memory and weathering: regenerating kalk bay harbour
For the millennia before the industrial revolution, humans experienced time through diurnal cycles, where the rotation of the earth around the sun over a 24-hour period governed our actions and behaviours. With the industrial revolution, mass production and the introduction of trains, the meaning of time has since changed irrevocably. Driven through speed, commodification and standardisation, time has become linear, our lives have been governed through hours, minutes and seconds.
In the modern era, the transition from cyclic to linear time has had an adverse effect on architectural production. Buildings, especially those in cities, have become commodities, based on an exchange between time and capital. As architecture is driven through capitalism, buildings are seen as objects that must resist the inevitably of weathering and time.
Time is the measure for any biological, physical ,social or environmental change. Architecture, much like anything living or static, exists temporarily. Buildings are subjected to the influence of the elements, all of which will eventually dissipate through time and weathering.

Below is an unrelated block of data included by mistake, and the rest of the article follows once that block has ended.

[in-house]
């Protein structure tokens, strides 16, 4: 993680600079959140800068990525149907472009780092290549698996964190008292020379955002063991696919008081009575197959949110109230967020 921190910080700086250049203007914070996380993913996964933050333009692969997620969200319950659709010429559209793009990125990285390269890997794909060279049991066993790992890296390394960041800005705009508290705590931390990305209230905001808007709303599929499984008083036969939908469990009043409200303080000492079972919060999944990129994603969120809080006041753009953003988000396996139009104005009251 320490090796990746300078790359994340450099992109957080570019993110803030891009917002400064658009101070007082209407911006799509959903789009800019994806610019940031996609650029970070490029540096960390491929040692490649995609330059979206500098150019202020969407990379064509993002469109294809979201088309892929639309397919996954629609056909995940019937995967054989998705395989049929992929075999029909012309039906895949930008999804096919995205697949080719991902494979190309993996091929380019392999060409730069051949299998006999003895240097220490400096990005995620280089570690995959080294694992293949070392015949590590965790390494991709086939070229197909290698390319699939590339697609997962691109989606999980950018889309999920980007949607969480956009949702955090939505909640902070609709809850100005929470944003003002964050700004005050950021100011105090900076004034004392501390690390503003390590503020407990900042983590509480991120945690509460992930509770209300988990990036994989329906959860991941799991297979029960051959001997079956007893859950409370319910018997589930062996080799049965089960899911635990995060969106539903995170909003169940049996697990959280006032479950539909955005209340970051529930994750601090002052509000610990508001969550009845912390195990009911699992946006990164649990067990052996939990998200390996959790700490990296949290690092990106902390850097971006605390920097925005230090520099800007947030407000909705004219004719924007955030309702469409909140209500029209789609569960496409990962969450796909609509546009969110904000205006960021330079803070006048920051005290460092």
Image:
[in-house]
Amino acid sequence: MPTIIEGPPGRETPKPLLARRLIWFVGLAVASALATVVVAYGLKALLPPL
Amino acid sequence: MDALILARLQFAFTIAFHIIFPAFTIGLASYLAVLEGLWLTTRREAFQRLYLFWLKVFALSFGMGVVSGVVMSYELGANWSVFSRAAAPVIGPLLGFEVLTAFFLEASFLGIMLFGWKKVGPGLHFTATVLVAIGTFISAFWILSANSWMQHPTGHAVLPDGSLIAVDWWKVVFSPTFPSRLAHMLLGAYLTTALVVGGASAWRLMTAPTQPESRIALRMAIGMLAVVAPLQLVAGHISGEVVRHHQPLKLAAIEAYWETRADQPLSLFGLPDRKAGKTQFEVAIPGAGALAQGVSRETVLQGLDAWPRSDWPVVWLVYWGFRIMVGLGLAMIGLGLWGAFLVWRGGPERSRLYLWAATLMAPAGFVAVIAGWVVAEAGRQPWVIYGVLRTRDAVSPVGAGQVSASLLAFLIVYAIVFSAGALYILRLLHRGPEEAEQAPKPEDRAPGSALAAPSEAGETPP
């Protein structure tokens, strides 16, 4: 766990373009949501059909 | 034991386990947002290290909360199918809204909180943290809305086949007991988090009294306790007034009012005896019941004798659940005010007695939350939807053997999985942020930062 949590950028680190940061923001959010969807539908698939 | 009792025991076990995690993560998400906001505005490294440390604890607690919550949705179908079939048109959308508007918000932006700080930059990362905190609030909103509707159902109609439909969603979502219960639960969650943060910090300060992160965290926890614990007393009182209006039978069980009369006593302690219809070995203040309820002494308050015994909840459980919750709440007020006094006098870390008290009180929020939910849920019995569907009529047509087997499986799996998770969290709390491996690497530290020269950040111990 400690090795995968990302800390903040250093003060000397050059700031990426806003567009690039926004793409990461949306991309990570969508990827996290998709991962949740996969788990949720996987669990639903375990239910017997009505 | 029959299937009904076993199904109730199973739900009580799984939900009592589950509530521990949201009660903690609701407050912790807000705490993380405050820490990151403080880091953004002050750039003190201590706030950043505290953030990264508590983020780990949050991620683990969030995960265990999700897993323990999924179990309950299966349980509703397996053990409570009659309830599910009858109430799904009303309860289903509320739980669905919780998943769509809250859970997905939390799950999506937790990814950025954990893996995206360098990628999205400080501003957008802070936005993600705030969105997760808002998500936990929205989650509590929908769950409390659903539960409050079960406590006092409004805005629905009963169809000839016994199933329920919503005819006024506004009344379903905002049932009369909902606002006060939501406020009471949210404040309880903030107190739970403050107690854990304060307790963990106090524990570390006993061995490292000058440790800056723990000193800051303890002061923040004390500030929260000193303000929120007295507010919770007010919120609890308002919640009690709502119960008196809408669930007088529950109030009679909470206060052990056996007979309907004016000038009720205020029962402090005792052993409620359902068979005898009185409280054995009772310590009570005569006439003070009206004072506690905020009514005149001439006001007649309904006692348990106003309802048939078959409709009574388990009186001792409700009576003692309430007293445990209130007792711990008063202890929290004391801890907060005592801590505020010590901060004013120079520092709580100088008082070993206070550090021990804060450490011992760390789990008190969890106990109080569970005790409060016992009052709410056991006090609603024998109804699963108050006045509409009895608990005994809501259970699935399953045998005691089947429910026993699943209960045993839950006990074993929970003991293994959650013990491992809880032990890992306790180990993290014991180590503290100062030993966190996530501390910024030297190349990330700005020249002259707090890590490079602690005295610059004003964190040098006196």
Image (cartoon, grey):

The context of this project is set in Kalk Bay harbour, where the local fisher-people have been marginalised through colonialization, inequitable fishing policies and gentrification. This community depends on the weather for their livelihoods, as fishing activity can only occur in certain conditions. This dissertation aims to investigate ways in which leveraging the cycles of the weather in architectural design can aid in providing economic and social opportunities for the this community.